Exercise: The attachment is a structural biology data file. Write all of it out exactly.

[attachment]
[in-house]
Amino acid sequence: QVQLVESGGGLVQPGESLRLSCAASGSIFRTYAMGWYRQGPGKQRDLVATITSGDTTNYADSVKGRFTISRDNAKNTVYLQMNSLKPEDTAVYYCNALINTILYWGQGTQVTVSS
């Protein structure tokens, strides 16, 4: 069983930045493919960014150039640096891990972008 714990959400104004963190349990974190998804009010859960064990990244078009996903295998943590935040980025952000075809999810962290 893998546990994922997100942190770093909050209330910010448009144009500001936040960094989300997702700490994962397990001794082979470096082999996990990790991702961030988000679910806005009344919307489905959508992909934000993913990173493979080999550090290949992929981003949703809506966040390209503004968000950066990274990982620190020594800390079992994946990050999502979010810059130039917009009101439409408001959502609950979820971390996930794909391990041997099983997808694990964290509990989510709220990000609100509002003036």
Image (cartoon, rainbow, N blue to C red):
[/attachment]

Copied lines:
[in-house]
Amino acid sequence: QVQLVESGGGLVQPGESLRLSCAASGSIFRTYAMGWYRQGPGKQRDLVATITSGDTTNYADSVKGRFTISRDNAKNTVYLQMNSLKPEDTAVYYCNALINTILYWGQGTQVTVSS
């Protein structure tokens, strides 16, 4: 069983930045493919960014150039640096891990972008 714990959400104004963190349990974190998804009010859960064990990244078009996903295998943590935040980025952000075809999810962290 893998546990994922997100942190770093909050209330910010448009144009500001936040960094989300997702700490994962397990001794082979470096082999996990990790991702961030988000679910806005009344919307489905959508992909934000993913990173493979080999550090290949992929981003949703809506966040390209503004968000950066990274990982620190020594800390079992994946990050999502979010810059130039917009009101439409408001959502609950979820971390996930794909391990041997099983997808694990964290509990989510709220990000609100509002003036």
Image (cartoon, rainbow, N blue to C red):